Those of a futurist persuasion will have great difficulty with many of the views in Chapters 4–20, especially. The seven-sealed book (5:1–8:1) reveals God’s complete plan and purpose for the entire world throughout the ages (202). Chapter 6 “describes the history of the world and the church” (219). The features of Chapter 6 occur in any era (220). The rider on the white horse (Chap. 6) represents the gospel which is unstoppable throughout the present age, for which Kistemaker uses Matt 24:14 (224). The 144,000 denote perfection of all believers from all nations, and 7:9 all of these saints entering heaven, having been kept safe (253). Locust-like beings in Revelation 9 symbolize demon forces, but a reader can be mystified by the statements, “This is a description of hell itself in which people seek to die but realize that death is eluding them (v. 6). Their mental and spiritual suffering is without end” (284). The passage depicts demons at work at any time against the saved on earth, before future blessedness. In Revelation 11, the temple of God is the church at worship (323), and Kistemaker sees no NT evidence for a physical temple being rebuilt at Jerusalem (322). The city in 11:1-2 is not earthly Jerusalem, but the New Jerusalem (326); the Christian church is the holy city (327). The 42 months signify “the times of the Gentiles” (Luke 21:24), which John makes equal to 1,260 days or three and a half years, which is the period of the Maccabean war when the temple was desecrated from June 167 to December 164 B. C. Somehow Kistemaker has this refer to 167-164, a time of triumph for the Gentiles, and then equates it with triumph of the Gentiles from Jesus’ ascension to His return (327).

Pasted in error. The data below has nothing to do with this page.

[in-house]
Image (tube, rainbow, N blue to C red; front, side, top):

More amillennialism follows. The two witnesses are the church of Christ calling the world to repent (329). Their 1,260 days of ministry are the period from the Great Commission to the end of the age of gospel witness (Matt 28:19-20). Many of the details in Chapter 11 “cannot be taken literally” (330). The woman of Revelation 12 is the covenant community of both OT and NT (355). The woman fleeing to the desert (12:6) is the church depending on God to provide necessities while waiting on earth for all of the 1,260 days for His return (359). In Chapter 20, the thousand years are “an indefinite period between the ascension of Jesus and his return” (536). For Kistemaker, the fact that Satan is bound means he is “unable to stop the advance of the gospel” (535). This suffers from problems such as the great way Satan is on the loose today, rampant (1 Pet 5:8), with Christians not being ignorant of his devices (2 Cor 2:11). In Kistemaker’s view, Christ has already taken possession of the nations as in Ps 2:7-8 (536), and has “deprived” Satan of leading them astray during this gospel age. Today, these nations receive the light of the world (John 8:12) and no longer live in darkness and deceit (536).

In Rev 21:1–22:5, God will renovate and transform the heaven and earth, annihilate and create them anew out of nothing (554). Many premillennialists can agree about this. Measurements of the eternal city are, Kistemaker writes, not literal but symbolical for symmetry and perfection (568).

One will test his own interpretations as he reads this highly diligent gathering of information, and be the better for it. He also will see, as in Hendriksen’s More Than Conquerors, how an amillennial expert explains the Revelation, which has been called “the grand central station for all the railroad lines of prophecy in Scripture.”